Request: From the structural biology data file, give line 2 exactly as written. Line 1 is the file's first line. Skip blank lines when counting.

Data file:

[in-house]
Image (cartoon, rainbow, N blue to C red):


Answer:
Image (cartoon, rainbow, N blue to C red):